I recall the story of a professor of entrepreneurship at a prestigious university who would come into his class on the first day of the semester and say, “Many of you have signed up to take this class to find out if you might be an entrepreneur. Let me save us all a lot of time and energy by telling you straight up, you’re not an entrepreneur. If you were, you wouldn’t be here. You’d be out starting another business somewhere.”
That’s pretty harsh. No two ways about it. But, depending on how you define entrepreneur, he might just be right. In this piece we’re going to look at entrepreneurship and in its various forms and help you decide if you’re an entrepreneur. And if so, what type of entrepreneur you are.
This is the flaming, red-blooded, over-the-top, out of control, dyed in the wool, true blue, through and through entrepreneur. This type of entrepreneur has likely never had a traditional job (the type of job where you work in a company you don’t own.) Oh, they may have worked for someone one time for a short period until they figured out it wasn’t for them.
This type of entrepreneur shows their true colors early in life. In grade school, you’ll see them out on the sidewalk with a lemonade stand. By their teenage years they have graduated to window cleaning, snow removal and lawn care. They’ve usually started at least one serious business by the end of high school.
They typically finance their businesses by hook or by crook, and they are almost always several thousand dollars short of what they’d really like to do. But despite the chronic cash shortfall, by their mid to late 30’s they are often amassing some serious wealth.
Personality wise, these entrepreneurs are driven to create. I’m not sure whether it’s a propensity for ADHD they share, or if it’s just a short attention span, but these entrepreneurs are constantly on the lookout for the next great idea and constantly giving it a try. I suppose it’s like everything else. You stand at the plate and take enough swings of the bat, you’re eventually going to hit a home run. That probably explains the wealth of these entrepreneurs. They’re constantly swinging and they always swing for the fence. The law of averages is their friend.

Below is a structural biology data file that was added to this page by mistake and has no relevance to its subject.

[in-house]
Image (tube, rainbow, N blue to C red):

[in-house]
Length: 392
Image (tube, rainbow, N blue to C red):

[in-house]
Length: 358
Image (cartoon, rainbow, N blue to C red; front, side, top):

MBA entrepreneurs are people whose dream was always to own their own business, but they lack the confidence (some would say recklessness) of their orthodox peers. They prefer to learn in college instead of in the school of hard knocks. As near as I can tell, the education is about the same.
MBA entrepreneurs are typically somewhat older than their orthodox peers. While the orthodox entrepreneur is building businesses during – and immediately after – high school, the MBA entrepreneur has four years of undergraduate studies, five years of hard business experience, and two more years of MBA studies. No matter which way you slice it, MBA entrepreneurs aren’t likely to really get going on their own businesses until their late twenties or early thirties. There’s nothing wrong with that, it’s just a point of difference between the two.
MBA entrepreneurs are less likely to bootstrap their businesses and more likely to work on the OPM (other people’s money) model. Because they are typically starting with more money, their businesses are often much larger from day one. The OPM model attests to the fact that MBA entrepreneurs have to develop at least one skill their orthodox friends don’t: the ability to raise money.